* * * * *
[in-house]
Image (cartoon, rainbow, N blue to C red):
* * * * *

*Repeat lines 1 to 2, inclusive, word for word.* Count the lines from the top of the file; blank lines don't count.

[in-house]
Image (cartoon, rainbow, N blue to C red):